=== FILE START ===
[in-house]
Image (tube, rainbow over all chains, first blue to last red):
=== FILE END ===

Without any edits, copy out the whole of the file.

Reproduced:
[in-house]
Image (tube, rainbow over all chains, first blue to last red):